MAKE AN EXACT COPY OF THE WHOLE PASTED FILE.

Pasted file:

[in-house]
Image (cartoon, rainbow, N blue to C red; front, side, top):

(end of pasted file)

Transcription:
[in-house]
Image (cartoon, rainbow, N blue to C red; front, side, top):